A Short Biographical Dictionary of English Literature/Ray, John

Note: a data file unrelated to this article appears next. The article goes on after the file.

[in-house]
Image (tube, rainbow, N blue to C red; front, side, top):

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Ray, John (1627-1705). Naturalist, s. of a blacksmith at Black Notley, Essex, was at Camb., where he became a Fellow of Trinity, and successively lecturer on Greek and mathematics. His first publication was a Latin catalogue of plants growing near Cambridge, which appeared in 1660. Thereafter he made a tour of Great Britain, and pub. in 1670 his Catalogue of the Plants of England and the adjacent Isles. In 1663 he had travelled on the Continent or three years with his pupil-friend, F. Willughby, and in 1673 appeared Observations on his journeys, which extended over the Low Countries, Germany, Italy, and France, with a catalogue of plants not native to England. On the death of Willughby, R. ed. his sons, and in 1679 retired to his native village, where he continued his scientific labours until his death. These included the ed. of W.'s History of Birds and Fishes, a collection of English proverbs, Historia Plantarum Generalis (1686-1704), and Synopsis Methodica Animalium. He was for long popularly known by his treatise, The Wisdom of God manifested in the works of the Creation (1691), a precursor of Paley's Natural Theology. R. is the father of English botany, and appears to have grasped the idea of the natural classification of plants, afterwards developed by Jussieu and other later naturalists. His greatest successors, including Cuvier, highly commended his methods and acquirements.